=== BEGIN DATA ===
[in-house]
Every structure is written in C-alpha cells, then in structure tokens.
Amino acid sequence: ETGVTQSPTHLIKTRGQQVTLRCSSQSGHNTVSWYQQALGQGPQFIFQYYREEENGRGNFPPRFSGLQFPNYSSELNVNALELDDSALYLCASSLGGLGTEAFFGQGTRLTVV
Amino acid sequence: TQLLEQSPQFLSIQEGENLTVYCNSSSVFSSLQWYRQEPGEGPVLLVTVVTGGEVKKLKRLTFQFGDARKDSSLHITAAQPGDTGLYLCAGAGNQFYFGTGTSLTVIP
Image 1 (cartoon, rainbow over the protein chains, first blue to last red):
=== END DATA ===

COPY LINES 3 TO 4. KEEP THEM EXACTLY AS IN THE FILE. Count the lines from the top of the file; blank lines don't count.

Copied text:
Amino acid sequence: ETGVTQSPTHLIKTRGQQVTLRCSSQSGHNTVSWYQQALGQGPQFIFQYYREEENGRGNFPPRFSGLQFPNYSSELNVNALELDDSALYLCASSLGGLGTEAFFGQGTRLTVV
Amino acid sequence: TQLLEQSPQFLSIQEGENLTVYCNSSSVFSSLQWYRQEPGEGPVLLVTVVTGGEVKKLKRLTFQFGDARKDSSLHITAAQPGDTGLYLCAGAGNQFYFGTGTSLTVIP